Well, it didn't take long for all of those challenges out there to finally be met by the global hacking community. The world has been watching since Apple's own fingerprint identification TouchID system was implemented in the new iPhone 5S. Interestingly enough, when it was announced as a feature there was already a website put up that crowdsourced the initiative via a twitter hashtag and website
. When it first came out, the website 'IsTouchIDHackedYet.com
' actually responded 'No.' but now it states, 'Maybe' with today's latest revelations.
Since the prize money is quite massive, this effort will obviously be very closely critiqued and verified by those putting up money, BitCoins, and alcoholic beverages.
The guys and gals over at the Chaos Computing Club in Germany are the ones to claim
to have hacked the TouchID system by lifting a fingerprint and then generating that fingerprint as a fake and tricking Apple's TouchID into thinking it is the actual user. They claim to have 'broken' it by, "A fingerprint of the phone user, photographed from a glass surface, was enough to create a fake finger that could unlock an iPhone 5s secured with TouchID."
Their goal is not to actually break the TouchID system but rather to prove that touch authentication is not a secure method of authentication and should not be taken seriously as one.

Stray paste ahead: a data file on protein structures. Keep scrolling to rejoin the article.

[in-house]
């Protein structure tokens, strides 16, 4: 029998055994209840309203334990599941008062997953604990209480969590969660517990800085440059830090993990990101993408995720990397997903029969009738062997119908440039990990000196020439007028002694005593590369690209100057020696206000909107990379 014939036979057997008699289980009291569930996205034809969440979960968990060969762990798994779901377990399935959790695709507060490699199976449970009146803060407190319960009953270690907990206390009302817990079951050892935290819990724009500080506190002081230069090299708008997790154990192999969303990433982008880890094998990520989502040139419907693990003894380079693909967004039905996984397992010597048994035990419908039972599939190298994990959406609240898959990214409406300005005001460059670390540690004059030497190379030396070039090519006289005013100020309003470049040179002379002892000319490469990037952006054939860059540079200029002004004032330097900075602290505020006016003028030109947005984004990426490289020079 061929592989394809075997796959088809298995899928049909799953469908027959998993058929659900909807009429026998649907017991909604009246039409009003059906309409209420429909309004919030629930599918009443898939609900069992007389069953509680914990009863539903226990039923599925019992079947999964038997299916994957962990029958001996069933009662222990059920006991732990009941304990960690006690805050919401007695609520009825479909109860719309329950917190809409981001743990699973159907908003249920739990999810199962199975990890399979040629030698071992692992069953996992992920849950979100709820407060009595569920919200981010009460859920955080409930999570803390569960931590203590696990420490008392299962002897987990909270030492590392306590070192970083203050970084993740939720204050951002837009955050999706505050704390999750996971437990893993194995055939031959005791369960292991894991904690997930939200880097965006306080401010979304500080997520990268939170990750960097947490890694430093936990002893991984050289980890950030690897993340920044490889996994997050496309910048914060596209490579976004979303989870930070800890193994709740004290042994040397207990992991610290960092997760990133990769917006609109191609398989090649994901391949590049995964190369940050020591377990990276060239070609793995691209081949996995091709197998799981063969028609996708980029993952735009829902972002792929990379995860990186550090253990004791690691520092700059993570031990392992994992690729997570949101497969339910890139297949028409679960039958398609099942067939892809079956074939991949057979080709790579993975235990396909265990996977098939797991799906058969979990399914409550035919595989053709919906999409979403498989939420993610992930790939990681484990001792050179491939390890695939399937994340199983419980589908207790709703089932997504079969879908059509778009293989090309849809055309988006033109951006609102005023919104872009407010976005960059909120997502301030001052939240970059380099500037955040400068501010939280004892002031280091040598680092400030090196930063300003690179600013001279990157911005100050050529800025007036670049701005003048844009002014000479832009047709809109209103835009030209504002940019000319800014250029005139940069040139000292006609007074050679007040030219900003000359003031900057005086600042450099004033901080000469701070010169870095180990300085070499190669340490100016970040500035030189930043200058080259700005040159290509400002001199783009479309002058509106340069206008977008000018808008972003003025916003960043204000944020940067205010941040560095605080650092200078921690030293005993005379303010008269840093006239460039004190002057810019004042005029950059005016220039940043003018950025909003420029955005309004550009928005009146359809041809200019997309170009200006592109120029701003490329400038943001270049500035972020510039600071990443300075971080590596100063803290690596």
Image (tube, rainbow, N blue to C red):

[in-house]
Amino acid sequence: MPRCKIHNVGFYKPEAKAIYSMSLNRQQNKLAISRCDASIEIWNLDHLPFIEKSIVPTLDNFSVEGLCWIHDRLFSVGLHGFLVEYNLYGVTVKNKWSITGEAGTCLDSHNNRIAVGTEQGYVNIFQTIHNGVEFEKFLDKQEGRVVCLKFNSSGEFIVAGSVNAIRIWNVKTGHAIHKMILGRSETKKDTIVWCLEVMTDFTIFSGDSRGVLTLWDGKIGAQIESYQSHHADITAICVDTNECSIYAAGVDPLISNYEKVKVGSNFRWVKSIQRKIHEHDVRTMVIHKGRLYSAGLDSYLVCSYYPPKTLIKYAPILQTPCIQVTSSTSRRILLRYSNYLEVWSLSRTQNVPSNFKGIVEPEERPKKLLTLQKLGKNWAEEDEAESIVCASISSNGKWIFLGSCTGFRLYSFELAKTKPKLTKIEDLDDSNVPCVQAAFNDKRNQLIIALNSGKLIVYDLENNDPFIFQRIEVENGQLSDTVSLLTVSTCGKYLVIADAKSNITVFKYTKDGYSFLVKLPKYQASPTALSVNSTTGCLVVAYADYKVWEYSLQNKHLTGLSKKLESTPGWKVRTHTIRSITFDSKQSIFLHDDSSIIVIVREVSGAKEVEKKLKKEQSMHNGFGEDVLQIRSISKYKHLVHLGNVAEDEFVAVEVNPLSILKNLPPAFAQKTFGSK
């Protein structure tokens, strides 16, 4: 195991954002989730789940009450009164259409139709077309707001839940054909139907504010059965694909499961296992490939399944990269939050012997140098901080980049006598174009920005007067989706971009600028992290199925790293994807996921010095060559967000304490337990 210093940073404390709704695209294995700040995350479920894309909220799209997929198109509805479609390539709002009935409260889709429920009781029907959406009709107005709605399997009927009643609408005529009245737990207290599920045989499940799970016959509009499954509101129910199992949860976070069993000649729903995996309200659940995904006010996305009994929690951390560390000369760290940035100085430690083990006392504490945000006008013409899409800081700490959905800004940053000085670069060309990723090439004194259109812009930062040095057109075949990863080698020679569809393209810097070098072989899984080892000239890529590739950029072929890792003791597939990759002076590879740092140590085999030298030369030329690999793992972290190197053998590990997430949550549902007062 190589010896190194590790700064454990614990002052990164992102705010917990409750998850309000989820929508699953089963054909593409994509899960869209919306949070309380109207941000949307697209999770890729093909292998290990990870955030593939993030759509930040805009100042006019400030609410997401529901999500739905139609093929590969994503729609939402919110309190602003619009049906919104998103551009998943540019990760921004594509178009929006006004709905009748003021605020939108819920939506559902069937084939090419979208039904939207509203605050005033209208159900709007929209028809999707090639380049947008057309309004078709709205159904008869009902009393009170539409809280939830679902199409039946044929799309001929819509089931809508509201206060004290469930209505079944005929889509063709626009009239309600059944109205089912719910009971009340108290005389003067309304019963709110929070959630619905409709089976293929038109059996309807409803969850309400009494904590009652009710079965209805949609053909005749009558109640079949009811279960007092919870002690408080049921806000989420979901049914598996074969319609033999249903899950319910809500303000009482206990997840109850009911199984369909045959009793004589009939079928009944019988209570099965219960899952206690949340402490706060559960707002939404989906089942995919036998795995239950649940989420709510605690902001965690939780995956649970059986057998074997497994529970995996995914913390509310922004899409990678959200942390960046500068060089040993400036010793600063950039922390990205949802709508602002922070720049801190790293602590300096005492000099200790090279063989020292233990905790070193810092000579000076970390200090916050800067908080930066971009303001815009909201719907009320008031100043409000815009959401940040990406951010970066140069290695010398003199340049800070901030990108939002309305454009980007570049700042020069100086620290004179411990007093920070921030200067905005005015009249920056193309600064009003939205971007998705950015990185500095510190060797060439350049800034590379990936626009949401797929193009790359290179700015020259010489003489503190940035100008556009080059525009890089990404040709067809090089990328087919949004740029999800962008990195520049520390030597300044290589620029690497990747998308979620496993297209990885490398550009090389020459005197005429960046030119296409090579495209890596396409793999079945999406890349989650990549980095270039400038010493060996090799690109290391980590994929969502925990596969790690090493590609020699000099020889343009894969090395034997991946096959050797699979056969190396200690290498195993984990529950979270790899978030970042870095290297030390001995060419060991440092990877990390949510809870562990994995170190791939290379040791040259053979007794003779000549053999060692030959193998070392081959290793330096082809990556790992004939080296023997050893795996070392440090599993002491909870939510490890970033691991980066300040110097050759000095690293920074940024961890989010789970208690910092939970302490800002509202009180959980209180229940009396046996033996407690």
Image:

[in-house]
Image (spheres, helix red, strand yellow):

As requested from some of the challengers, they also provided a video:
After viewing the video, it appears as though their method does indeed work. They even have a detailed process of how to accomplish this task including the necessary materials and hardware needed to accomplish it. Considering that the phone itself didn't actually get into the hands of users until Friday, it's actually quite an amazing task to have been able to get all of this done by today, Sunday. They've literally been able to test this out in about two to three days and have made up all of the documentation and videos to prove it as well.
While fingerprints are not the best method of authentication, they should be considered an additional step of protecting your data. I personally do not believe that TouchID is necessarily a game-changer or anything that we will see as a great trend for the industry. Sure, there are rumors that HTC will do the same with their One Max phone, but the truth is that it doesn't really provide much more utility than a combination lock screen with swipe gestures.
Well, I guess that answers the question of whether or not Apple's TouchID could be hacked, wasn't long, really.
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